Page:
So much for the rebound effort. After a glimmer of hope of a rebound surfaces two weeks ago, the sellers took charge again last week, carrying the market to new multi-week lows. It was the third losing week in the past four, and the major stock indices fell below yet-another key line. It’s not looking good.
We’ll detail that pessimism in a moment (and also add the caveat). First, let’s paint the bigger picture using the broad brush stroke of last week’s economic data.
While there wasn’t much in the way of economic data last week, little of what we got was good news.
The week kicked off on the wrong foot, with durable orders falling 7.3% in July. Granted, when taking out usually-volatile transportation orders, the plunge was paired down to only a 0.6% decline, transportation is a huge part of the economy and should be factored in. [By the way, overall durable orders were up 3.9% for June, so we’re still losing ground, even with a long-term view.]
It was also a big week for consumer confidence scores, though we didn’t see any big changes. The Conference Board’s consumer confidence score was up a little, from 81.0 to 81.5, while the Michigan Sentiment Index fell from 85.1 in June to 82.1 for last month. Both are still in long-term uptrends, though, so no need to be concerned.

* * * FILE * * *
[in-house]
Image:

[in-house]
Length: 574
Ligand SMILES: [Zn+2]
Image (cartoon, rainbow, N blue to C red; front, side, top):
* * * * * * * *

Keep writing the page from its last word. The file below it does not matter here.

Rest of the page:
Personal income as well as personal spending both grew by 0.1% last month, which is better than a contraction, but still a pretty weak result.
One smidgen of encouraging news (even if it’s old news now)….. the second quarter’s estimated GDP growth rate was raised from 2.1% to 2.5%, on an annualized basis. One good quarter does not make or break a trend, but it’s a good start. On the other hand, we’re now two months into the following quarter, and the past two months – neither of which were part of Q2 – haven’t been all that great in terms of economic numbers.
This week’s got more in store, though there’s only one focal point… the employment situation.
The wave of jobs-related data kicks off on Thursday with the Challenger job cuts expectations and the ADP Employment change figure. No word yet on the job cuts estimate, but the ADP new-payrolls figure is expected to fall from June’s 200,000 new jobs to only 180,000. The final tally jives with 180,000 new jobs the Department of Labor is expected to announce on Friday, though the DOL’s figure would actually indicate groin from June’s total of 161,000 new payrolls. Clearly the entire jobs-growth picture is a fuzzy one. Whether you see the glass as half-empty of half-full, however, is a little irrelevant. Anything less than 400,000 new payrolls per month isn’t enough to spur significant economic growth, or even net job growth, which is why economists don’t expect the unemployment rate to change from June’s reading of 7.4%.
Stock Market Index Outlook
It may seem a little tedious, but to effectively make a handful of key points, we’re going to look at a couple of indices each in a couple of different timeframes this week. Each illustrates something worth pointing out.